By Michael M. Miller
Theresa Meier Eissinger of Napoleon, N.D., writes, “Christmas Eve at the Meier farm (between Linton and Napoleon) was the most exciting time of the year. Chores were done early; supper was early, and then my mother gave each of us a large soup bowl of goodies. We got a handful of peanuts, a few mixed nuts, an orange, store-bought cookies which were a treat especially the chocolate covered marshmallow ones with the cherry center, and a few hard candies. We also had animal crackers – the boys wanted to be farmers, so we traded our horses, cows, and sheep for the lions, giraffes, and tigers.
“About 8:30pm, everybody got ready and we all bundled up in our warmest clothes. My father would hitch the team of horses to the bobsled, the bottom which was covered with hay, old quilts, and blankets. We all got into the sled and covered up with quilts and took off for town to my grandma’s place which was five miles away. All the aunts and uncles were there, including my cousins.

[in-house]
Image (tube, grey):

“My grandpa had a small barn in the backyard where they kept a cow so they could have milk and cream. My father unhitched the team and put them in the barn. We all walked to the church for midnight mass. The mass was beautiful. I remember distinctly, all the flowers, candles, the choir, and the music. When the mass was almost over, my father would walk up to grandpa’s place, hitch the team to the bobsled and be waiting for us in front of the church. The sled, hay, and blankets were all so cold. Even the stars looked cold, but we huddled together under the blankets, and we were soon warm. Lulled with the swish of the bobsled runners and the clip-clop of the horses, I was soon asleep. My last thought was, like every year, this was the best Christmas ever!”